For my close friends, it's hardly news that I've been having trouble with graduate school. Advisor politics are tricky, and I'm still not sure how to navigate those murky waters. In a total happenstance, I went to an awards assembly with a best friend of mine, and witnessed a female professor given mentoring award for her 41 years of service to the math and computer science departments at our university. I'd met this professor 3 years earlier on a panel discussion, but forgotten she'd been recently appointed to a graduate advisor position. I made an appointment with her the next day.
After telling her about my delicate situation, she asked me about my research. For 3 nanoseconds, I thought, "She wouldn't understand." I checked myself, remembering that she's been doing research almost twice as long as I've been alive. I explained it to her. She joked with insightful comments. The conversation was positive, and I was sent out of her office, knowing how to handle my situation. There's a very good reason why this woman won an award.
But for those 3 nanoseconds, I was a sexist pig. I immediately assumed that, because she's a woman, she wouldn't understand my computer science research. Me! I am a woman in computer science who is constantly on the battlefield fighting for female-friendly improvements to my field, but I still paused with such sexist thoughts, making me no better than Misogynist Bill. If I think sexist crap like this about her, then what do other people think about me?
I've been thinking about those 3 nanoseconds these past few days, basically trying to find excuses for my lewd behavior. The first excuse is easy. I haven't had a female professor for 11 years. The last female professor I had was Sr. Sandra E. Lincoln, S.H.C.J., Ph.D. (a doctor and a nun) at my little Catholic university. She was fabulously throughough at teaching Chemistry, and recently won the James Culligan Award for teaching in 2000. I took Chem 101 in 1994, and I haven't had a female professor since, with the exception of the fabulously edgy, female graduate student teaching my "Programming for Artists" course last Spring in the Art & Design department.
The second excuse is that there just aren't too many women in computer science. Recent studies show that the number women in CS are at an all-time low. If you take a look at the graph, you might immediately ask, "What was so special about 1983?" In that year, the female to male ratio in computer science was 2:1 and the number of women in the field hit an incredible peak. I'm sincerely convinced that pop culture has something to do with it. I've haven't any studies to back this up, I've got only anecdotal evidence. Working with girls in junior high school allows me to keep my finger on the pulse of pop culture. Five years ago, ask a girl in junior high school student what she wanted to be, and it was "Neonatal Nurse" or "Endocrinologist." That same year, E.R. was one of the most popular shows on TV. This year, it's "Ballistics Expert" thanks to C.S.I.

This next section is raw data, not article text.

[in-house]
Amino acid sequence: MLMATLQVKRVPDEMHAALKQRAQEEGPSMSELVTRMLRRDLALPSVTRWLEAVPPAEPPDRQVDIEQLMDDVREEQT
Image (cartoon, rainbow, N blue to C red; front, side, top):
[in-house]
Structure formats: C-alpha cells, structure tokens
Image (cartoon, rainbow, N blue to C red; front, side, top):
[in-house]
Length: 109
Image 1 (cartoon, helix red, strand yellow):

1983 was the year that we watched Ally Sheedy outrun Matthew Broderick in the very tech-savvy movie "War Games." It was one of the hottest years of personal computing, and the year that Apple introduced the Lisa, one of the few "feminine" personal computers. Sally K. Ride was the first female U.S. astronaut, getting launched into space on June 18, 1983, though soviet cosmonaut Valentina Tershkova had been the first woman in space almost fifty years earlier. I don't know if any one of those things is the reason for that peak in 1983, but I can say that it's been awhile since I've seen a female astronaut highlighted in the news, or since I watched a movie or TV show in which a girl programs a computer, excepting the 1995 cult classic in which Angelina Jolie plays a character with the handle "Acid Burn." But cult classics are sub-culture, not pop culture. Instead, we've got crap like 1994 Barbie dolls saying "Math is Hard." and shows about women who wear horridly uncomfortable shoes, talking about sex with Mr. Big week after week.
The third excuse is that I don't really talk about research to women. There are no other women in my research group, and the professors I work with are all men. When my girlfriends and I get together, I don't talk about research, so much so that my awards assembly best friend still isn't really sure what I actually do. I'd much rather talk about other things when I'm off the clock. This makes me quite different from most of my male counterparts, who can be found discussing compilers during a Friday evening happy hour at the local bar. Still, the guys who would rather talk about politics, good beer, books, and movies do exist in CS. They are admittedly rare, and to prove it, I'll happily report that I'm dating one.
No matter how many excuses I name, I'm still a sexist pig. If anything, I have a renewed fervor for getting more women into this field, before I start asking random female undergrads to bring me my coffee and take notes for me.